Third molar extraction is one of the most frequent procedures in oral surgery. Ten million teeth are extracted from approximately five million individuals every year in the United States alone, with an annual cost of over US$3 billion. 1 In England and Wales, expenditures on prophylactic extractions between 1995 and 1996 amounted to approximately £5.2 million. 2 The reason for these extractions is the high incidence of impaction, often associated with a number of oral problems, such as pericoronitis, periodontal defects in the distal region of the second molar, caries in the third or second molars, different types of odontogenic cysts and tumors, and crowding of the lower incisors. 3−6
Although a number of studies have been published on third molar extraction, the conflicting results hinder the decision-making process. The controversies are related to inadequate study designs, small sample size, insufficient monitoring time and methodological flaws. 3−28
The aim of the present study was to perform a systematic review of the literature, to discuss consensual aspects and controversies related to third molar extraction, and to answer the following question: Is there evidence to justify the prophylactic extraction of third molars?
A series of searches was performed for texts published up to August 30, 2012, with no restrictions regarding language, age, gender or date of publication. The following key words were used:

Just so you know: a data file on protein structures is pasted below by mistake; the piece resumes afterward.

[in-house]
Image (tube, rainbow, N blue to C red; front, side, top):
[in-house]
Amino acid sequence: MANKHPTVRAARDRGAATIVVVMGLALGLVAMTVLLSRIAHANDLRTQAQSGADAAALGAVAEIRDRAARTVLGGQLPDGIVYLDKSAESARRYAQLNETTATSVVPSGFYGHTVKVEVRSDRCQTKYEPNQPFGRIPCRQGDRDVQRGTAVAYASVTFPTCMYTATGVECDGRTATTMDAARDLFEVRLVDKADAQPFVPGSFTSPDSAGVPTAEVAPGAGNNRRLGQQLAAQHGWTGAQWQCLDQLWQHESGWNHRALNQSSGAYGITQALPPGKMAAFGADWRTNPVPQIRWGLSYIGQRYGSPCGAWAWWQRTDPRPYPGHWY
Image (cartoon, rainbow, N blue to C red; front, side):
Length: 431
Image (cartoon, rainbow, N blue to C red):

“asymptomatic impacted third molar,”
“periodontal problems, third molar,”
“complication asymptomatic third molar,”
“impacted third molar complications,”
“third molar, surgery, causes,” and
“extraction of third molars, crowding lower jaw.”
The following databases were searched:
Latin American and Caribbean Center on Health Sciences Information - BIREME ( www.bireme.br ): Lilacs (Literature in Health Sciences published in Latin America and the Caribbean since 1982), Medline via OVID (International Medical and Biomedical Literature, compiled since 1965), and EMBASE via OVID.
Web of Science ( www.thomsonisi.com ): database of sciences, social sciences, arts and humanities;
Cochrane Library: access to databases on systematic reviews of controlled studies of the Cochrane Collaboration, evaluation of health technologies, Cochrane Oral Health Group's Trials Register; the Cochrane Central Register of Controlled Trials (CENTRAL); BBO (Brazilian Bibliography of Dentistry).
A series of manual searches was also performed, based on the lists of references of the articles retrieved from the different databases. Data were collected on author, year of publication, study design, study groups, methods/measures and results. A quality assessment of preestablished characteristics was performed, to document the methodological strength of each paper. 11,12 The eight variables investigated in the quality assessment are listed in Table 1.
|Adequate study design||Randomized clinical trial, prospective study, controlled clinical trial, longitudinal study: 3 points; Clinical trial: 1 point|
|Adequate sample size||1 point|
|Adequate description of selection process||1 point|
|Valid measurement methods||1 point|
|Use of method of error analysis||1 point|
|Blinded measurement evaluation||1 point|
|Valid statistical methods||1 point|
|Confounding factors included in analysis||1 point|
Sample size was considered adequate when the sample size calculation was presented. Measurement methods were considered valid when a measurement error test was presented. Each study was classified based on the scores attributed: